When the results from the Hackney School Streets pilot came in, they exceeded even our expectations. With only minor variations in outcome among the different road layouts, the five pilot schools experienced remarkable improvements. Participating schools saw a 68 percent decrease in traffic outside of school gates during the initiatives’ operating hours as well as a 74 percent decrease in vehicle-tailpipe emissions of oxides of nitrogen (NOx), PM10, and PM2.5. The schools in the pilot also saw significant changes in travel behaviors: a 51 percent increase in cycling and a 30 percent increase in walking-to-school rates.
The pilots served as a valuable opportunity to test approaches, and we picked up several key insights which assisted in our quick scaling of the program. First, we learned that conducting early and extensive community outreach could go a long way in mitigating complaints and confusion from residents later down the line. Considering potential impacts of the program was also important: by keeping the size of the zones and hours of operation small, there were fewer negative repercussions from the local community and weaker opposition. Finally, standardizing branding and the hours of operation across all School Streets increased driver compliance significantly, and allowed Hackney residents to anticipate and understand the restrictions.
As a result of the successful outcomes of the pilot, Hackney has heavily invested in School Streets, making the experimental measures from the pilot initiatives permanent and rapidly expanding the program to schools across the borough. As of autumn 2021, Hackney operates 48 School Streets, the largest program of its kind, which provide benefits to over 20,000 local pupils every day.
Hackney recognises the transformative benefits that School Streets can have for children, parents, carers, teachers, and the wider community, and we have made it a priority to share our experience and knowledge with others in the industry. Notably, this year we have released the 2021 School Streets Toolkit for Professionals. This free, publicly available resource is a practical, step-by-step guide which contains sections on mythbusting, frequently asked questions, and lessons learned, while covering in extensive detail topics such as enforcement, exemptions and budgeting. The toolkit has been created to assist transportation practitioners who are considering, or actively implementing, School Street initiatives and programs in their own communities and is appropriate for an international audience.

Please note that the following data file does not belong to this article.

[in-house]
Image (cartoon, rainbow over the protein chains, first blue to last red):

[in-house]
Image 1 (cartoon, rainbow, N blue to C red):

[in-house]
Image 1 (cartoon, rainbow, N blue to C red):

The journey to school should be a safe, healthy, and enjoyable experience for children and their families. But, owing to the prominence of cars, it often isn’t. When the school run panders to and is dominated by motor vehicles, there are negative implications for the health and safety of our youngest and most vulnerable citizens. This status quo is no longer acceptable, and we are refusing to accept it. With Hackney’s School Streets zones, the school run is no longer a time of stress and danger; instead, kids and parents spill out of the school and into public space, where they are provided with better environments for safe, active, and independent travel. This is our new status quo.
Doolin O’Reilly works as the principal sustainable transport planner at Hackney Council, where her team runs Europe’s largest School Streets program. For more information about the School Streets Toolkit, or Hackney’s experience with developing and implementing its School Street program, contact Doolin O’Reilly at email@example.com or visit https://hackney.gov.uk/school-streets.